I am the product of a Southern urban culture in which cars play a major role. In Houston the city of my birth people trick out all types of cars which makes living in the city like being surrounded by a 24/ 7 car show. You are likely to see everything from a late model Cadillac with Ferrari doors to a purple Maserati with hot pink interior.
It’s literally off the chain and for the most part it’s all good. But there is one pair of rims that have been dubbed the most dangerous rims in the city.
These rims known on the streets of Houston as Swanger or Elbows are a essential part of Houston’s car culture, yet they have a long bloody and deadly history. Originally invented by Crager for limited edition Cadillacs, the car giant put the rims on the 83 and 84 Eldorado models, but quickly discontinued there use after it was discovered the rims had a tendency to loosen in certain places and to make a clacking sound.
The rims bare a strong resemblance to another chrome Crager rim the 15 inch 30 spoke, with one exception. Unlike the 30 spokes that sit flush with the tires, the company’s 83 and 84 model rims extended out from the tires hence the nickname elbows. Due to the rims tendency to clack Cadillac stopped ordering them for their cars forcing Crager to discontinue production.
Shortly after the Detroit auto giant decided to move on to another type of rim for their luxury vehicles, the rims became a smash hit with Houston’s underground car scene, often showing up on late model Cadillacs, Buicks and Oldsmobiles.
From the mid to late 80’s the rims could still be purchased through Cadillac dealers as they proceeded to liquidate their entire back inventory of the troublesome rim. Once that avenue was tapped out the rims began to be bought and sold strictly on the secondary market. And as is generally the case high demand caused the prices to sky-rocket. To the point that a brand new set of 83’s or 84’s that could’ve originally been purchased from the dealer for under six hundred dollars a set nearly tripled in price.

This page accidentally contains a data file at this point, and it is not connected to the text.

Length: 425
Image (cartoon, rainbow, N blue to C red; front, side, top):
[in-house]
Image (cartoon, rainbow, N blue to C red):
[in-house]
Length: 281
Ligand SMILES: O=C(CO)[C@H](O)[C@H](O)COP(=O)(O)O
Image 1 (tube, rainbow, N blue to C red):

By the early and mid 90’s a set of 83 and Vogues would set you back anywhere from fifteen to twenty five hundred depending on their condition. While a set of 84’s which have straighter spokes that stick out about an inch further would cost anywhere from three to five thousand.
On top of this sudden price increase was the fact that with the exception of a few Mom and Pop tire stores, most notably Big Tex on the Southside there was nowhere in Houston that you could just walk into and purchase a set, creating a process to where even a person with the money to buy a set would have to search around and try to find someone willing to sale a set. A process that was not only tedious but equally dangerous.
A tragic consequence of this high demand and short supply was the robbing and killings that began around 92. At one time the car jackings were so bad that a saying developed which was “83’s get you jacked, 84’s get you killed.”
Between 1992 and 2000 it’s believed that over a hundred young men and even a few women lost their lives as a result of riding Swangers.
Before long the rims had developed their own folklore to the point where putting a set on your car meant you either had a death wish or that you were someone who didn’t mind riding around strapped at all times.
When I was growing up, I craved a set badder than I wanted oxygen and didn’t rest until I got my first set. But soon I discovered that the rims were more trouble than they were worth and ended up selling them to another guy who didn’t mind spending most of his time guarding his car, or better yet his rims.
Today while these rims remain as popular as ever and very much a H-town staple things have improved a whole lot. In the early 2000’s spurred on by an employee who had grown up in Houston. Executives at Texas Wire Wheel decided to purchase the rims design patent from Cadillac and to start making newer versions of Elbows strictly for the Houston market.
While the originally elbows only came in 13 and 15 inch and are still favored by old heads. The newer version come in a range of sizes including the mind boggling Gorillas and Super Pokers.
Texas Wire Wheel’s decision to begin production of “Swangers” again was undoubtedly a good business move for the company. It also had the unintended consequence of decreasing (not stopping) the robbing and killings that had become a regular occurrence as result of the rims coveted status.
So the next time you’re in Houston, enjoy the weather, the Zoo, the Space Center, Reliant Stadium and all the beautiful shinny cars you’re likely to see. But beware of the rims, they bite.